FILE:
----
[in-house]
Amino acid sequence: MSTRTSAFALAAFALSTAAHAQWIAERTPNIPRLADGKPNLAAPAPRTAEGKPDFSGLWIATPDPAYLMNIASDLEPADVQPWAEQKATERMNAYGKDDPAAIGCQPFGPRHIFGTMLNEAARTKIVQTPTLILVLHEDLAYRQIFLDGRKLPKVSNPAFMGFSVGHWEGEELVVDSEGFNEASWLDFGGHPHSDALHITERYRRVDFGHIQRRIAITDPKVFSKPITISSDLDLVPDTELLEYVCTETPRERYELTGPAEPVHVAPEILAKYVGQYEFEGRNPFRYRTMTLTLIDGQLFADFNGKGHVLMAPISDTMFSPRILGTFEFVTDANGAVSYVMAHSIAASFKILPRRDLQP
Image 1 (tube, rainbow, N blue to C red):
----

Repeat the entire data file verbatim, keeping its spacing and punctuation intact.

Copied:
[in-house]
Amino acid sequence: MSTRTSAFALAAFALSTAAHAQWIAERTPNIPRLADGKPNLAAPAPRTAEGKPDFSGLWIATPDPAYLMNIASDLEPADVQPWAEQKATERMNAYGKDDPAAIGCQPFGPRHIFGTMLNEAARTKIVQTPTLILVLHEDLAYRQIFLDGRKLPKVSNPAFMGFSVGHWEGEELVVDSEGFNEASWLDFGGHPHSDALHITERYRRVDFGHIQRRIAITDPKVFSKPITISSDLDLVPDTELLEYVCTETPRERYELTGPAEPVHVAPEILAKYVGQYEFEGRNPFRYRTMTLTLIDGQLFADFNGKGHVLMAPISDTMFSPRILGTFEFVTDANGAVSYVMAHSIAASFKILPRRDLQP
Image 1 (tube, rainbow, N blue to C red):